There is something in the way this sculptor works with her hands; of course everybody works with their hands, but in Chithra’s case the hands become an extension of her ideologies and her thinking process. One would find her carving away a large monolithic block of stone with an electric saw and not help but feel a little intimidated. Why this visual becomes all the more relevant is that few women sculptors choose the medium of stone to create artworks and at such large scales. Chithra brings in a much needed balance to this male dominated section of sculpting art practices.
When I said earlier that the artist works with her hands, one cannot ignore the paintings and existential sculptural portrayals in fibreglass, metal and wood. In her 2015 series called ‘Abreaction’ Chithra had documented her reaction to the complexities faced as a young woman, and the issues of survival as a sculptor and artist or issues which occupied her mind. ‘Abreaction’ had a suite of works which portray Chithra’s open refusal of society’s prescribed gender roles upon her. The body becomes the lexicon, the hair is publicly shorn off as a conscious performance art piece and accompanied by the delicate charcoal drawings in which she pokes holes in the limiting walls of perception to peek beyond, like the protagonist of ‘The Truman Show’. Littered on the floor of this fabricated, safe, biosphere for the ideal ‘girl child’ are broken dolls and defied identity expectations from a woman, discarded as a skin and heralding an end to the age of innocence. In another work from the same suite, the artist sits on a planet from the solar system while the galaxies of planets revolve around her, like she owns the universe, she defines it not as a female, but as a human who fathoms it and is in control of it.
As was noted earlier, Chithra does not reject femininity, she just chooses not to be typecast into strict female roles dictated by socio-political or cultural diktats like barbie doll, dutiful wife, sacrificial mother, dominatrix, etc. However, for Chithra, the roles she plays become her art work and art practice. In the times of pandemic lockdown, sitting in a remote corner of Kerala, coping with the loss of her father, she follows in his footsteps to reclaim his legacy and keep alive his passion for farming. In a video recorded by her husband, Ananthan, Chithra is seen plant/tree-gazing, looking at the plants which her father left behind and experiencing a ‘forest bath’. A part of Japanese culture, forest bathing plays an important role in restoring fluctuating energies to normal states, both physiologically and psychologically.
In carrying forward her father’s passion for growing plants and trees, the masculine act of the sculptor who carves a six feet block of stone to instill life into it, delicately cups the dainty saplings, ensuring its survival. With a precise focus on growing organic vegetables in her backyard, this sculptor puts aside her chisel and hammer to pick up the shovel and watering can. When one considers this drastic change of image of a person sculpting and then the gently nurturing a plant life, one comes face to face with an identity which is balanced and undefined. What we are looking at is the humane side of the individual. An unbiased, productive and immensely creative force.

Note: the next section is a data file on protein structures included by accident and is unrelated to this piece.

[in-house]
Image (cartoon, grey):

Chithra sends in some of her water colour paintings created during the lockdown and they immediately mirror this aspect of her. Three women with tonsured heads gaze at the viewer as an intense retelling of the three muses. The strength exudes from their eyes and the unflinching and determined gaze. In another work, two women, sit across each other holding hands, and creating the home/the abode. It is quite like a Rorschach ink print, and it could possibly mean that one of them is the artist herself, and the other, that fertile force of creativity and regeneration, Nature.
There is a cultural, political and personal relationship one has with their hair and it attributes to the perception and definition of Identity. Chitra’s works delve into some aspect of the discourses about hair politics which one would find in many black cultural / feminist writings of say, Kobena Mercer or Chimamanda Adiche in recent times, who have written about the black identity and hair, the visual culture which revolves around it, the burden of beauty and its discriminatory hierarchies and prejudices therein. Chithra’s addressal of the aspects of women’s hair, its religious/cultural/geo-political/gender-related identity, along with her own personal narratives regarding hair, create an algorithm of rewriting of the norm that south Indian women usually have long tresses or the notion that those tresses are the definition of her beauty as compared to other Indian women; or even the notion that any women ought to have long tresses at all. Such intricate narratives culled from archaic recesses of patriarchy, openly addressed, inform the silent feministic works of sculptor Chithra EG, even as she metamorphoses into mother Nature to tend to her flourishing vegetable garden.
(Images courtesy the Artist and Facebook)